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No money to revitalize Olivehurst
Set to be adopted by Yuba County supervisors next month, the plan has three main components:
• Aiding in zoning changes to make Olivehurst Avenue a hub for small businesses;
• Redoing the street to make it more pedestrian and bike friendly;
• Encouraging building owners to make eye-pleasing facade improvements.
A plan to revamp the heart of Olivehurst is complete and nearly ready for adoption. Talk to business owners and residents in the Yuba County town, and they're ready for the changes it might bring.
But as of yet, there is no money to put the Olivehurst revitalization plan into effect after two years, several community meetings and a $191,000 Caltrans grant that led to its creation.
Still, Yuba County Supervisor Mary Jane Griego, who represents Olivehurst, said there is reason to be optimistic.
"The thing is, this gives us direction in looking for those public and private sources to put it into action," Griego said, adding the county has had past success in bringing in outside sources of money for levee upgrades and expanding recreational options.
County planning director Wendy Hartman said all three of those parts reflected what Olivehurst's residents said they wanted in community meetings going back to summer 2011. "It's identifying more clearly what the community feels is the downtown core," she said, referring to a zone along Olivehurst Avenue from where it meets Highway 70 to about Eighth Avenue, as well as a portion east and west of the street on Seventh Avenue.
Right now, the county's zoning ordinance would allow someone to put a single-family home next to businesses, giving both current and future business owners potential problems, Hartman said.
And the lack of broad sidewalks and bike lanes on Olivehurst Avenue makes it difficult for many locals, who for various reasons don't drive, county officials said.
But Griego said the plan could come alongside other positive signs. She has heard of increased interest in new businesses in Olivehurst's core, and residents will see similar sidewalk improvements next year to nearby Powerline Road.
On Olivehurst Avenue itself, those with a front-door perspective on the street said they'll be waiting, but they're hopeful.
"It's going to be step by step," said Juan Celedon, co-owner of Video Express, a video store also providing services such as money orders and copying. "But it's been changing. There's more stores, and people like it."
CONTACT Ben van der Meer at email@example.com or 749-4786. Find him on Facebook at /ADbvandermeer or on Twitter at @ADbvandermeer.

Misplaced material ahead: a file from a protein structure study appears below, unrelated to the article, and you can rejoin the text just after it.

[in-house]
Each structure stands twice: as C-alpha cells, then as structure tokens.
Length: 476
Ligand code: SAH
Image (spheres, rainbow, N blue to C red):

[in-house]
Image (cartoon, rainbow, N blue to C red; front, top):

Residents have waited 'long enough'
In Olivehurst, revitalization isn't a new topic. And residents and business owners said they'll believe it when they see it.
If it does, though, many of them will be big supporters.
"We've been waiting long enough," said resident Wayne Ferguson, 62, as he sipped a cup of coffee Thursday at Duke's Diner, where artist renderings of a revitalized Olivehurst hang on the walls.
"If it looks more presentable, maybe businesses come in, plant trees and shrubs," he said.
But based on the past — in the last two decades, there have been at least two previous efforts at revitalization — he said he has doubtful. "The money always gets spent on something else," Ferguson said.
So far, there isn't money to spend on this effort. When originally envisioned under a Caltrans planning grant, the plan would partially tap into redevelopment money to make improvements. But as part of the state budget in 2011-12, redevelopment agencies got the ax.
For now, county officials said finalizing the plan will give them a leg up on approaching public and private agencies for grants to put it into action.
Jorge Campos, who opened the Olivehurst Avenue Barber Shop about a year ago, said he is a booster, noting in particular a lack of sidewalks in front of his storefront.
"A sidewalk would be a hundred times better," he said. "I'm totally for it."
Such sentiments are common, even in a community where some would say tough times have been the rule.
Though he would also like to see fewer motorcycle parks along the Yuba River, Carl Studhalter of Olivehurst said improvements in his town would be welcome.
"I think they should improve it," said Studhalter, who has lived there since 1971. "Get rid of some of these old houses and stuff."
— Ben van der Meer